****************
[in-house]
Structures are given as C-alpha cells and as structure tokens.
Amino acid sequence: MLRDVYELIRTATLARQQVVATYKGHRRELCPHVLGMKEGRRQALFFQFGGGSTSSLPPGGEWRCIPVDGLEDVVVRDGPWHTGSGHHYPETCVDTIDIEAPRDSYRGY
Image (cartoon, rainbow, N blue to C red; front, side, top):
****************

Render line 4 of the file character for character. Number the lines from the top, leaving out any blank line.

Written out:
Image (cartoon, rainbow, N blue to C red; front, side, top):